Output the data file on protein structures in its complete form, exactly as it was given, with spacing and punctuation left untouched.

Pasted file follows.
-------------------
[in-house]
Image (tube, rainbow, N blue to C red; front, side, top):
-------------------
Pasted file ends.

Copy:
[in-house]
Image (tube, rainbow, N blue to C red; front, side, top):